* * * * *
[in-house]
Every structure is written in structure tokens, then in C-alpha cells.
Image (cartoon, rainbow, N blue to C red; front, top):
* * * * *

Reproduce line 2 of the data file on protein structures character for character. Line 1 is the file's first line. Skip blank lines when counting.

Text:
Every structure is written in structure tokens, then in C-alpha cells.